He was feeling pretty good by lunchtime so we made a run to Home Depot for a few things, then Target to get Eddie some new/bigger shoes, and Costco for milk and lunch.  He picked out some pink Crocs, which is hilarious.  I'd been to Target the night before to get a swimming suit for myself and saw that the Davis store didn't have his size in blue Crocs.  Hence why we went to the Woodland store the next day because I assumed he'd want the blue ones.  His favorite colors are blue and pink...and the kiddo chose pink.  We moved the Thomas the Tank Engine Croc decoration from his old/too small shoes to the new pink ones.  They're a little big on him so they are extra adorable on him.  He also picked out some Lightning McQueen sneakers, which are also a bit big.

As we left Target I felt soooooooooooo grateful that we are able to go by him shoes whenever we need to (heck, whenever we want to).  We had to get him new shoes because his old Crocs had gotten so small all of a sudden as to give him a big blister.  I know there are so many families out there that have to trade off clothing purchases with food purchases.  Ug, I'm so glad we don't have to do that.

Poor Eddie: his medication wore off just as we entered Costco and just like THAT his temperature rose and his energy dipped.  We saw one of his classmates there and his mom asked if the boys would like to hug each other.  I explained that he had a fever so we didn't want him touching anyone...come to find out her son also had a fever the night before, after two other kiddos at preschool.  So it was going around daycare.  At least it was just a 24 hour fever.

Anyway, Eddie was upset that we couldn't go to the "sooming cool" that day so we filled up his blue kid pool and let him play with the squirters we gave to Dave for Father's Day.  Of course, they were really for Eddie but don't want to just buy him stuff all the time so we acted like it was a gift for Dadda.

Regarding Father's Day: we gave Dave a card of a crane holding up a pallet of hearts...Eddie thought it was so cool.  His gift was a set of resistance bands to strengthen his ankle (recommended to us by a physical therapist we randomly talked to at the hardware store a while ago) and those squirters.  Having a sick kid on Father's Day really emphasized to us that we are, in fact, parents.  Our kids come first for the rest of our lives!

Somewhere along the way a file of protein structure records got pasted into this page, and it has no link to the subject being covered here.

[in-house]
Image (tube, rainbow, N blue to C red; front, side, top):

Dave did get his special breakfast (pancakes with fake maple syrup (his favorite), bacon, and eggs) the next morning since he had to stay home from work to take care of Eddie.  Since Eddie was fever free for 24 hours as of 6pm, we got to go swimming at the Night Swim session.  Eddie LOVED that they had music on...he was a pool dancing fool!  He also loved it when I sang along to the oldies songs and spun him around in the pool.  We went to that same pool again last night and he was disappointed that there was no music!
Dave and I used the giant ladder to tie up the patio grape vines.
They slid down the shade structure pole into a giant heap during that wind
storm the week before.  Eddie decided to help.
Eddie wore his jammies all day Monday, even out to Hawaiian BBQ for lunch.
He looks like a space man (say it like in 30 Rock!) with his socks pulled up and
his giant white sneakers.  Haha.

Saturday, June 16, 2012

Locked Out

While running my instrument, I always have the timer set on my phone so I know when a sample is done or when it is done reverse flushing (so I can start the next sample).

Just now, the timer went off, so I left the office and walked down toward the lab to set it up to reverse flush.

Since there have been a lot of office thefts lately, I've taken to keeping the door locked always, instead of just closing the door. And, since I've gotten locked out of the office a few times in the past, I am usually really careful to make sure I have my keys before leaving the office. They are on a lanyard so I can wear them around my neck. But they are heavy so I usually keep them in my back pocket (if I'm wearing something with pockets). BUT since I don't like to sit on my keys, I usually take them out of the pocket and set them on the desk when I'm in the office. Yes, I'm quite complicated. Normally I pat myself down while getting up to make sure my keys are on my body. But this time I didn't for some, short story long: I'm locked out.